Research[edit]

There are several clinical trials in various stages involving several potential therapeutic areas, gene therapy, stem cell therapy, drug therapy and artificial retinas. In general all are testing the safety and benefits of their respective therapies in phase I or II trials. These studies are designed to evaluate the safety, dose and effectiveness in small number of people in Phase I with Phase II evaluating similar criteria in a larger population but including a greater insight into potential side effects.[citation needed]

Gene therapy is designed to insert a copy of a corrected gene into retinal cells. The hope is to return cell function back to normal and the treatment has the potential to stop disease progression. This therapy will not restore impaired vision back to normal. The research is being undertaken by a partnership between Sanofi and Oxford BioMedica. A Lentiviral vector is used to deliver a normal gene to the target tissue via a subretinal injection. The therapy is known as SAR422459 and it has been terminated prematurely due to halt in developing the drug product.[21]

Kubota Vision is in Phase III clinical trials of a visual cycle modulator that modulates RPE65 activity to treat Stargardt's. Kubota Vision published the results of a dose range study of a drug known as Emixustat, with findings that will effect dose selection for their phase III trial set to complete in June 2022.[22]

Stem-cell therapy involves injecting cells with the potential to mature into differentiated and functioning retinal cells. This therapy has the potential stop disease progression and in the long term improve vision. To improve vision this technique will need to replicate the complex multi-layered and neurally anatomy of the retina. There are a number of research groups working with stem cells one of which is Ocata Therapeutics.[23]

Alkeus Pharma is evaluating the potential of deuterated vitamin A as the drug ALK-001. The hope is that the deuterated vitamin A will reduce the build-up of toxic vitamin A metabolites in the retina and therefore slow rate of visual deterioration. To create deuterated vitamin A some of the hydrogen atoms are replaced with the isotope deuterium which has an extra neutron and is therefore twice the standard atomic weight of hydrogen. A Phase II clinical trial is taking place using ALK-001 with an estimated completion date of December 2024.[21][24][25]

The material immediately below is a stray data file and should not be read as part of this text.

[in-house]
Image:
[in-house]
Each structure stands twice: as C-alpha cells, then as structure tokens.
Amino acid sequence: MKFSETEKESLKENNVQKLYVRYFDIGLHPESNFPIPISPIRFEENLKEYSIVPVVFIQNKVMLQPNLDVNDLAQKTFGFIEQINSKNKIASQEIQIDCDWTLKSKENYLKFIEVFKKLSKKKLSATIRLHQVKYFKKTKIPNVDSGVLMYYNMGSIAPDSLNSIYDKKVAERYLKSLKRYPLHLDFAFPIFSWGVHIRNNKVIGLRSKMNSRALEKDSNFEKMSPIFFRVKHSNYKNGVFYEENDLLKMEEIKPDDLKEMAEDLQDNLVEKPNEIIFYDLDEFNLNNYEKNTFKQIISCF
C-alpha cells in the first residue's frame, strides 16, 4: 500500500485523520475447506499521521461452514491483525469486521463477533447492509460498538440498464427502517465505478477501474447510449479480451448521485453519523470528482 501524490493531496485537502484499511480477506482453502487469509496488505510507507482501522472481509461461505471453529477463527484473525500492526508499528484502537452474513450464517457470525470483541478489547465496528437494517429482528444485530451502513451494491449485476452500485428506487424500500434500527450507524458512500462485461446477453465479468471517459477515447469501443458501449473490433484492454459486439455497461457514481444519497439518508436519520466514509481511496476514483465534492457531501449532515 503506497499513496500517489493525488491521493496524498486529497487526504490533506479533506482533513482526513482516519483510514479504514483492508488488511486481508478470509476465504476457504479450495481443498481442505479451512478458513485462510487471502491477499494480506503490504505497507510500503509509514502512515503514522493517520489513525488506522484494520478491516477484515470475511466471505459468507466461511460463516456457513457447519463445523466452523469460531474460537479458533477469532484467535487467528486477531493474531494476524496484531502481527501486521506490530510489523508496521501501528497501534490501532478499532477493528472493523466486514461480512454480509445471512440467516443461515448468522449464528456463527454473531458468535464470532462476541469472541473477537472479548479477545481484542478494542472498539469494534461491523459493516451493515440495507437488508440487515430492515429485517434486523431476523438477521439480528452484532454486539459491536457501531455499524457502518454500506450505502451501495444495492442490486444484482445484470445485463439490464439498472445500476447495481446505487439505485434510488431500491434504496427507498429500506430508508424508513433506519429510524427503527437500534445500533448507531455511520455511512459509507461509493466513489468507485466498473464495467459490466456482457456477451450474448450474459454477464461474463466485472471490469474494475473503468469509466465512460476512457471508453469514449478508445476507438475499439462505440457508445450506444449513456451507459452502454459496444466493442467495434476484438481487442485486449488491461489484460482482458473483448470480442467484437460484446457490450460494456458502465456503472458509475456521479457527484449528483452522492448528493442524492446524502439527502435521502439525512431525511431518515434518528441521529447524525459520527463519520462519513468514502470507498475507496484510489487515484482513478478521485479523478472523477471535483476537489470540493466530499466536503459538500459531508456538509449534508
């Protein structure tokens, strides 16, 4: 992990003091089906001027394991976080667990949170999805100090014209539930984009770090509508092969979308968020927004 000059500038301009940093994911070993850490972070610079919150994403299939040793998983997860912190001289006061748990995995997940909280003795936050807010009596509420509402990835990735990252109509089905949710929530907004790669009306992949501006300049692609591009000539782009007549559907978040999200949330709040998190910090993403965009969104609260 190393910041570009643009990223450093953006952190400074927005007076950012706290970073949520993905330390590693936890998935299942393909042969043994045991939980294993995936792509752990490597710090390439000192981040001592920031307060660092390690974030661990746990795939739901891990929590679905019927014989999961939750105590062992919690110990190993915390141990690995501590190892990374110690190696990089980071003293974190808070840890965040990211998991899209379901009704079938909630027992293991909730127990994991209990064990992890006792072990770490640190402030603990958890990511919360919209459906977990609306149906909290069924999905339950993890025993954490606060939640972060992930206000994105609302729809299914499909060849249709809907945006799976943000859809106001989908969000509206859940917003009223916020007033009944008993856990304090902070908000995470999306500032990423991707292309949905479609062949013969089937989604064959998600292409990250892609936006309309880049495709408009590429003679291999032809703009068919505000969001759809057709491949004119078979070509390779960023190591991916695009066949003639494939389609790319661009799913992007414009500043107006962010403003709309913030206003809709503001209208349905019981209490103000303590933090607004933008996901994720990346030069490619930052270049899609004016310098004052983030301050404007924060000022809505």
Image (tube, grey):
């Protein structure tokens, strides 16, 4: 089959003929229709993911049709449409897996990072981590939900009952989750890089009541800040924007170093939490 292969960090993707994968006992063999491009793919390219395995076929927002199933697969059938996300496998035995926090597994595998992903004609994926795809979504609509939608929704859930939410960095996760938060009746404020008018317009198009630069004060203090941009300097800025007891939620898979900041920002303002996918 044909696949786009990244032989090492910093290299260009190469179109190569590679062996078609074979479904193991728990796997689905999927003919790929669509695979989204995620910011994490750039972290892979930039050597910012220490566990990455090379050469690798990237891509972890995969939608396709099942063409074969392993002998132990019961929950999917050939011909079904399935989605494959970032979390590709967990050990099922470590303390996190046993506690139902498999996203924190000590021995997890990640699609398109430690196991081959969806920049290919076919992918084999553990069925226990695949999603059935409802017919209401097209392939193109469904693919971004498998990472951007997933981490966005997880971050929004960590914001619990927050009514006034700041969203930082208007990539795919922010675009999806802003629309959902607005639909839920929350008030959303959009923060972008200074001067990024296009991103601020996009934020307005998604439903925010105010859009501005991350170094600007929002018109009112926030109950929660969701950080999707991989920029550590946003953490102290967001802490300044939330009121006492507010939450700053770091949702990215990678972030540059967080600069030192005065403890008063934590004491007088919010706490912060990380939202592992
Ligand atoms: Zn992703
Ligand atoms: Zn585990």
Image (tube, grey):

MD Stem Cells, a research-physician clinical development company using autologous bone marrow derived stem cells (BMSC), has released results of the Stargardt Disease cohort within their ongoing Stem Cell Ophthalmology Study II (SCOTS2) clinical trial (NCT 03011541).[26] Average visual improvement was 17.96% (95% CI, 16.39 to 19.53%) with 61.8% of eyes improving and 23.5% remaining stable with no adverse events occurring.[27]

Retinal implants are in the early stages of development and their use could be of benefit to many people with Visual impairment though implanting and maintaining an electrical device within the eye that interfaces with the optic nerve presents many challenges. An example of a device is made by Argus retinal prosthesis, the camera is an external device held on spectacles, the camera signal is processed and then fed via wires into the retina to terminate in some electrodes that interface with the optic nerve.[28]

References[edit]

  1. ^ Sahel, J.-A.; Marazova, K.; Audo, I. (2015). "Clinical Characteristics and Current Therapies for Inherited Retinal Degenerations". Cold Spring Harbor Perspectives in Medicine. 5 (2): a017111. doi:10.1101/cshperspect.a017111. PMC 4315917. PMID 25324231.
  2. ^ a b K. B. Stargardt (1909). "Über familiäre, progressive Degeneration in der Makulagegend des Auges". Albrecht von Graefes Archiv für Ophthalmologie (in German). 71 (3): 534–550. doi:10.1007/BF01961301. S2CID 12557316.
  3. ^ "Stargardt disease : Definition(s) from the Unified Medical Language System ® Diseases Database". diseasesdatabase.com. Retrieved 5 February 2018.[permanent dead link]
  4. ^ a b "Stargardt disease/Fundus flavimaculatus". eyewiki.aao.org. Retrieved 5 February 2018.
  5. ^ a b Pfau M, Cukras CA, Huryn LA, Zein WM, Ullah E, Boyle MP; et al. (2022). "Photoreceptor degeneration in ABCA4-associated retinopathy and its genetic correlates". JCI Insight. 7 (2). doi:10.1172/jci.insight.155373. PMC 8855828. PMID 35076026.{{cite journal}}: CS1 maint: multiple names: authors list (link)